A row of six grain elevators guards the railway line in Viking, Alberta. The visual impact is staggering: six towering verticals after a hundred miles of horizontals. Gray highway. Green farmland. Flat, blue sky. Viking, Alberta—the Crossroads Town with a Future.
Nine miles outside Viking a gravel road crosses Highway 14. Take a left there, cross the railroad tracks, and the first farm you'll pass is the Sutter place. You'll spot the big red barn first and then the tidy white farmhouse with the blue roof. A full 640-acre section—pigs, cattle, chickens, barley, wheat, bright yellow rapeseed, raspberries and a few cows.
Brian Sutter nods toward the driveway. "Going out to catch the school bus, we'd have had five fights by the time we'd get to the end of that lane," he says. "I can remember some good ones. No broken bones, but lots of bloody noses."
From the look on his face, these are pleasant memories. Brian, 23, is the acknowledged leader of the seven Sutter brothers, the first of them to make it to the NHL and the toughest of a notoriously tough lot. The Sutter boys. Or "those Sutters," as they say in Viking, with civic pride rather than jealousy or awe. Those Sutters stand out from their surroundings just as clearly as those grain elevators.
Aug. 2, 1980, the day of 22-year-old Darryl Sutter's wedding, was the first time in four years all seven boys would be together on the farm. Hockey does that to families, with schedules being played right through the holidays, and the Sutters are a hockey family. Brian, Darryl and Duane, 20, have NHL contracts; Gary, 25, is a Tier Two Junior coach in nearby Vegreville; Brent, 18, and the 16-year-old twins, Richard and Ron, play Tier One Major Junior hockey over in Lethbridge. There are no daughters. Grace, the boys' indefatigable mother, somehow has brought her sons up to be gentlemen. Off the ice, anyway. "You'd think with seven boys there'd be one bad apple," says a friend. "Still, sometimes I feel sorry for Grace. She can never sit down and talk about...I don't know...making a cake. It's always hockey, hockey."
Hockey has long lent itself to family acts. Five of the top seven goal scorers in NHL history—Gordie Howe, Phil Esposito, Bobby Hull, Maurice Richard and Frank Mahovlich—had brothers who played in the league; Howe even played on the same NHL team with his two sons. Hall of Fame brother pairs include Bun and Bill Cook and Doug and Max Bentley. Four Boucher siblings played in the NHL: Frank, George, Billy and Bob. Perhaps it is because kids' hockey, played on frozen ponds and sloughs, is a sport in which younger brothers are encouraged to come along. There are no left-out positions that are an embarrassment to play, as there are in baseball. Whether one touches the puck or not, the simple act of skating is fun, exhilarating, worth the frustration of being stickhandled around. And there is the thrill of literally filling your brother's shoes—skates hand down very nicely—so that the younger sibling can say to himself, "Here he was; there I'll be," as he watches the progress of the elder.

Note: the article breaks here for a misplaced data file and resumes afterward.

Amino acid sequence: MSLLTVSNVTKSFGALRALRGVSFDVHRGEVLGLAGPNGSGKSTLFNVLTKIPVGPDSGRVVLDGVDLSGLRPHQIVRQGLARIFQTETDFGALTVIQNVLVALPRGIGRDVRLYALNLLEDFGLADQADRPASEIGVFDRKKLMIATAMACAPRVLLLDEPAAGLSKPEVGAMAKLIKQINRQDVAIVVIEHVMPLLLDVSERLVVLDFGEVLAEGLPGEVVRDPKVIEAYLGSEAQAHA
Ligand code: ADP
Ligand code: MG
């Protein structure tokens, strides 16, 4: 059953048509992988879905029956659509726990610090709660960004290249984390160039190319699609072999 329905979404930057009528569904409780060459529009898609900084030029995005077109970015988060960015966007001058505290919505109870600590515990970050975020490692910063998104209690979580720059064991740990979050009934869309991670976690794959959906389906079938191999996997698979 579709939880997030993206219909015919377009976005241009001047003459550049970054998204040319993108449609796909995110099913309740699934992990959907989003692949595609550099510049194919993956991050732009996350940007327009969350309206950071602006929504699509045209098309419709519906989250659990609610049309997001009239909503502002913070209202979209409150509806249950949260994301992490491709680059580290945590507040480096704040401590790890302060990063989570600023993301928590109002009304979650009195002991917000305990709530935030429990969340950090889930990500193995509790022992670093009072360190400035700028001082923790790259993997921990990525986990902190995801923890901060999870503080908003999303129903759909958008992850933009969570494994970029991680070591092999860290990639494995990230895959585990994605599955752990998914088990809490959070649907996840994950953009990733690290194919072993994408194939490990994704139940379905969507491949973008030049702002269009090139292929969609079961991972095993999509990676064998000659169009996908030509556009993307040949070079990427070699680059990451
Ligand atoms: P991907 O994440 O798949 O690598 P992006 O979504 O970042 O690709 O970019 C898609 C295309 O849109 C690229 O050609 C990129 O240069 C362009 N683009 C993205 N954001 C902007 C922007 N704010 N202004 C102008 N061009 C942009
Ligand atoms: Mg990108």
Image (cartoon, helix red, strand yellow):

But there are more tangible factors in this brother-act business, one of which is that the best way to get a good look from a scout is to be part of a proven bloodline. After Duane Sutter played a major role in the New York Islanders' march to the Stanley Cup last spring, scoring a key goal in the final game, brother Brent became the Islanders' surprise first-round draft choice. "There's no question that we considered genes before selecting Brent," says Islander General Manager Bill Torrey. "The NHL's Central Scouting office didn't have him listed as first-round material. But with his family's competitive instincts, we thought we could take a chance."
Competitiveness is the dominant trait in the Sutter pedigree. Determination. It goes back at least as far as 1848, when a 44-year-old Swiss immigrant named John Augustus Sutter—great-great-uncle of the current crop—changed the course of U.S. history when gold was discovered at his sawmill. The California Gold Rush ensued. Sutter was eventually swindled out of his holdings and was bankrupt by 1852. But was he discouraged? No way. He moved to Pennsylvania, and until his death at the age of 77 he fought the government for compensation for his losses. "The Sutter trademark is hard work," says a former teammate of Brian's. "When you get knocked down you get back up. And you don't back down from anybody."
A Sutter skates and works like a mule. He doesn't dazzle; he's not fluid or pretty to watch; his speed and shooting skills are, at best, average. But a Sutter is the type of player that NHL coaches are turning to more and more, the type referred to as "honest." A Sutter will take a hit instead of giving up the puck, and a Sutter will dig and check in the corners. Most important, a Sutter will do anything to win. Former Montreal Goaltender Ken Dryden has characterized this "honesty" as the outstanding trait of North American players. He may lack the skating, shooting and passing sophistication of his European counterpart, but somehow he will find a way to win. Call it New World optimism. Work hard enough and you can do anything.
A half mile from the Sutter farmhouse, beyond the wheatfield, is the slough where the boys skated as kids. "After school in the winter, if there was a full moon, three guys would go shovel the ice while the other guys did the chores," Brian says. "In the summer we played in the loft in the barn. We only got to town once a week, so we didn't have anything else to do."